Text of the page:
"Trust" Hormone's Smell Helps Us Hand Over Cash, Study Says

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Investing Cash

In the trust game participants played either the role of investor or trustee. Investors chose how much money to hand over to the trustee. The trustee, in turn, would then decide how much money to hand back after the financial stake quadrupled in size.

Investors who smelled a dose of oxytocin before playing the game were far more likely to hand over money than those in a control group who received a placebo.

Notably, the effect was not seen when the trustee was replaced with a computer. This suggests that oxytocin makes people more willing to engage in social interaction and not just more likely to take risks.

Oxytocin only increased trust, not the reliability of the trustee. "Trustee behavior is dominated by a principle of reciprocity, for which oxytocin seems irrelevant," Antonio Damasio, a neurology professor at the University of Iowa College of Medicine in Iowa City, writes in an accompanying article in Nature.

Scientists believe oxytocin could work as a kind of neurotransmitter in brain regions associated with emotional and social behaviors. A person's appraisal of a situation could trigger a chain of neural events, including the release of oxytocin.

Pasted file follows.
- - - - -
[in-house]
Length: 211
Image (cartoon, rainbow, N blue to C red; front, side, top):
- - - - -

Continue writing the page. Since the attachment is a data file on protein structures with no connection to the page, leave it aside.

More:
"Particular social mechanisms and social cues that foster trust, like a smiling face of the other person, may perhaps lead to increases in oxytocin levels and therefore to higher probabilities of trust," said Kosfeld, the economist.

Reducing Anxiety

The findings may have direct clinical implications. Heinrichs, the psychologist, has been conducting several studies on the use of oxytocin in treating anxiety disorders, such as social phobia.

"In first analyses we see that a single dose of oxytocin enables patients with severe social phobia to … reduce anxiety," Heinrichs said.

The role of oxytocin could also help scientists to better understand disorders that cause some people to display too much trust. Children with a rare genetic disorder known as Williams syndrome, for example, approach strangers indiscriminately. The children's high level of trust could be due to excessive oxytocin release, scientists speculate.

"This is the beginning of understanding human trust and positive social interaction from a biological point of view," Heinrichs said.

Of course, one could also imagine more dubious uses for the "trust potion"—say, if car dealers or investment bankers sprayed their offices with oxytocin.

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